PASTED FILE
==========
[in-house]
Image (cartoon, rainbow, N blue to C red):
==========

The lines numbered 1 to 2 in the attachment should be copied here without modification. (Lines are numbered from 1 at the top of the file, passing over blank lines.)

[in-house]
Image (cartoon, rainbow, N blue to C red):